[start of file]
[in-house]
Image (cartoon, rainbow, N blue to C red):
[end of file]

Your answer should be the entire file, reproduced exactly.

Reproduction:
[in-house]
Image (cartoon, rainbow, N blue to C red):